We developed a resonance control method to generate a high-speed rotating magnetic field in a three-phase magnetic navigation system composed of three electromagnets. The proposed resonance control method calculates the amplitudes and phases of voltages, while the capacitances suppressing the self and mutual inductances of the electromagnets to keep the currents and the magnitude of the rotating magnetic field constant, even if the frequency of the rotating magnetic field increases. Finally, we prototyped the three-phase magnetic navigation system and the variable capacitor module to validate the effectiveness of the proposed resonance control method experimentally.

## I. INTRODUCTION

Many researchers have investigated micro helical robots actuated by an external magnetic field for possible applications to treat occlusive vascular disease. It requires a high-speed rotating magnetic field (RMF) that generates fast drilling motion of the micro helical robot to tunnel through clogged lesions in blood vessels.^{1–3} The RMF is generated by the magnetic navigation systems (MNSs) composed of multiple coils or electromagnets. However, as the frequency of the RMF increases, the impedance from the inductance of the coils consequently decreases the currents and the magnetic field density. To overcome this problem, prior researchers utilized the resonance effect by including additional capacitors to their MNS to suppress the self-inductances. Nam *et al.* suppressed the self-inductance effect by connecting the capacitors to the coils.^{2} Further, Nguyen *et al.* proposed a two-stage control circuit based on the resonance effect with the current amplification stages.^{3}

The MNS composed of multiple electromagnets with magnetic cores and coils can generate a larger magnetic field than the MNS with coils only. Nam *et al.* developed the closed-loop MNS utilizing the closed magnetic circuit to maximize the magnetic flux density in the large workspace.^{4} However, the MNS with multiple electromagnets has significant mutual inductance due to the magnetic flux linkages between electromagnets. Further, any resonance method suppressing the self and mutual inductances has not been reported.

In this paper, we propose a resonance control method to suppress both the self and mutual inductances of the three-phase MNS with three electromagnets. We developed a mathematical method to determine the amplitudes and phases of voltages and the capacitances to generate the resonance. Finally, we prototyped the three-phase MNS and the variable capacitor module to verify the effectiveness of the proposed resonance control method.

## II. DEVELOPMENT OF THE RESONANCE CONTROL METHOD

When the magnitude of the current flowing in each coil of the MNS composed of electromagnets is in the linear relationship with the magnetic field, the magnetic flux density ** B** generated by the MNS can be superposed with the magnetic flux density generated by each electromagnet in Eq. (1).

Here, $K$ is the actuation matrix and each column represents the magnetic flux density when a unit current is applied to the corresponding coil. Considering a three-phase MNS on a plane composed of three electromagnets, the size of the actuation matrix is 2 × 3. The three-phase current $I=I1I2I3T$ required to generate an RMF with an angular frequency *ω* and a magnetic flux density *B*_{0} satisfies Eq. (2) as follows:

where the magnitude and phase of each three-phase current are $In$ and *φ*_{n}, respectively. Equation (3) shows the relationship between the three-phase current and the RMF, and the magnitudes and phases of each current for generating the RMF can be calculated from Eq. (3).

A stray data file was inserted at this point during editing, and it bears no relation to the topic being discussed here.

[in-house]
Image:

As shown in Fig. 1, there are significant mutual inductances between adjacent electromagnets in three-phase MNS due to the magnetic flux linkages through the magnetic cores of the MNS. The voltage-current relationship of the three-phase MNS with capacitors connected to each coil can be expressed as shown in Eq. (4).

Here, *R*_{k}, *L*_{k}, *C*_{k}, *φ*_{k}, and *ψ*_{k} are the resistance, self-inductance, capacitance, phase of current, and phase of the voltage of the *k*th coil, respectively, and *M*_{kn} is the mutual inductance between the *k*th and the *n*th coil. After separating the real and the imaginary parts of the *k*th row of Eq. (4), Eq. (4) can be expressed as Eq. (5).

To remove all components except the pure resistance term (*R*_{k}|*I*_{k}|) from the real part of Eq. (5), Eq. (6) must be satisfied.

Here, $M\u0303$ is a skew-symmetric matrix satisfying $M\u0303T=\u2212M\u0303$ and the rank of $M\u0303$ is 2.

Here, $K\u2032$ is a matrix that takes only the first and second columns of $K$. In addition, by multiplying both sides of Eq. (7) by $K\u2032\u22121$, we can show that $I1$, $I2$, *φ*_{1}, and *φ*_{2} are only functions of $I3$ and *φ*_{3}. From this, Eq. (6) can be transformed into the following nonlinear system (8).

$I3$ and *φ*_{3} can be determined by solving Eq. (8) from the numerical method. After substituting $I3$ and *φ*_{3} into (7), we can determine $I1$, $I2$, *φ*_{1}, and *φ*_{2}.

After setting the imaginary part of Eq. (5) to be zero to express a resonance, the appropriate values of the capacitances *C*_{k} can be determined as follows.

Finally, after applying the capacitances of Eq. (9) to (5), the voltage-current relationship of each phase in Eq. (5) can be expressed as follows.

By substituting the current solution determined from Eq. (8) into Eqs. (9) and (10), we can determine the magnitude, phase of the applied voltage, and the required capacitances of each phase to express resonance.

As a result, the current and voltage solutions obtained through the proposed resonance control method eliminate all the imaginary parts and the real parts, except the resistance of the impedance as shown in Eq. (10). That is the input voltages to generate the RMF are independent of rotating frequency of the RMF. It also shows that the proposed method can keep the current and RMF constant even though the frequency of the RMF increases once the currents and capacitances are satisfied with Eqs. (8) and (9).